On a relevant note, if Old Chinese had never lost its derivational affixes, the Chinese varieties MIGHT (key word: MIGHT) not even have developed tones, although ofc it would be 100% impossible for a language to remain completely frozen in time for thousands of years, especially if people were actively using it on a daily basis. As well, ever since the rime dictionaries were written down, we have been merging a lot of initial consonants, and we actually lost the entire voiced consonant set in some Sinitic varieties (we have no b, d, g initial consonants in Cantonese OR Mandarin, contrary to popular belief - shocking, I know - although there’s still b, d, and g in Taiwanese Hokkien and Shanghainese for example). Some people act as if the “懶音” of today are some kind of new event started by the Youth of Today™ but it’s been happening since the time of Confucius and even way before that. Humans generally use language creatively and efficiently: we may shorten things, simplify articulation, introduce new sounds, mix things up, etc etc., and that’s all a natural part of language development, which is why old Cantonese linguists who can’t get over these so called “懶音” drain the life out of me LOL ;;; 

I assume you’re a Canto speaker as well, so next time someone tells you to stop speaking with lazy sounds, you can rant about natural language change hahahahhaa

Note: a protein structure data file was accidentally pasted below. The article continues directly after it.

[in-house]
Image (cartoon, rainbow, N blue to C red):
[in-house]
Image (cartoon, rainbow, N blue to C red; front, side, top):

This is more of an afterthought actually, but some non-HK varieties of Cantonese have already undergone initial ng- dropping and certain vowel changes, even faster than some of the changes in HK and GZ Cantonese !!! On the other hand, some other Guangdong varieties have maintained a lot of sounds (even sounds that we don’t pronounce in HK/GZ Cantonese anymore). Like in 中山 and 珠海 Cantonese, they still pronounce words like 魚,驗,研,語 with an ng- initial (which is actually closer to the reconstructed Middle Chinese pronunciations), even though we’ve reduced it to a y- initial in HK/GZ Cantonese, although no one would even try to argue that /ŋ-/ > /j-/ is a detrimental sound change to Cantonese.

tl;dr - im hella salty about extreme cantonese prescriptivists and i’m excited to be part of a modern sound change !!! speak however you want bc it literally doesn’t matter !!! language is cool and dont be afraid to embrace change !!! 

Edit: I have been informed that TW Hokkien does not have a d-initial I AM A GOOF, I should’ve double checked that oop. Thanks @bessely for pointing that out though!! (Also YES I WAS GONNA MENTION THE HAKKA STUFF TOO but I don’t know enough about it to talk about it confidently hehe)